Unless you plan on raising your kids like Viggo Mortensen’s character in Captain Fantastic, living a nomadic life in the woods, hunting game and learning everything straight from hardcopy books, the Internet is and will most likely keep being the primary source of information, education and entertainment to almost all children born nowadays. Technology can be a wonderful tool in developing skills and preparing young people, but there are also risks that parents should be watchful when introducing their kids to it.
It is almost inevitable to hide the internet from your kids. They’ll see it in school, friends will talk about it, and most likely even you will indirectly let them know it’s an essential tool. So, the best approach initially shouldn’t be to take any extreme measures, either giving a toddler an iPad or totally vetoing social media to a teenager. It is important for them (and also you!) to familiarize with it according to their maturity and self-consciousness. Very young kids playing online games shouldn’t be able to talk to random strangers in any situation, and usually these games have a “private mode”, in which no one can contact them. Teenagers should be taught how to identify potential online predators or trolls that could expose their information (a.k.a. doxing) or turn them into bullying targets.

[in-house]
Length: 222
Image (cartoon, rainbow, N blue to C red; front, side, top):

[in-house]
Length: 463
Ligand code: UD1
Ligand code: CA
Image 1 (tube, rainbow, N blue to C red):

Another very dangerous aspect about the Internet is the whole ‘self-imaging’ and unrealistic lifestyles your children might be exposed to especially when using social media. So even if they are old enough to understand the most obvious threats out there, this one can be underlooked and may be very harmful to teens. They should be taught that most of what they see online is almost never real and is engineered to drag views and money.
If you want to keep an eye on what your kids are doing, limit their online time or prevent them from accessing specific content on their devices, there is a wide availability of monitoring apps that can be installed and tweaked to specific settings according to your needs. Keep in mind though that this won’t always stop them from seeing illegal content on others’ devices or bypassing some of the settings, so this should be used a support tool along with educating them about the internet dangers.
It’s important to think that our kids are being more adapted to the digital than we were in our infancy, as our parents almost never had the knowledge when raising us than we have now, even though the online dangers haven’t changed much since then. By exposing them to the internet accordingly to their age, they will have more knowledge and experiences than we do and will be part of a more prepared generation to raise their own children into it as they grow older.